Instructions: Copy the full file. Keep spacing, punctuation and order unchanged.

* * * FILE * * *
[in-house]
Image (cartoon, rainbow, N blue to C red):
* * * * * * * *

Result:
[in-house]
Image (cartoon, rainbow, N blue to C red):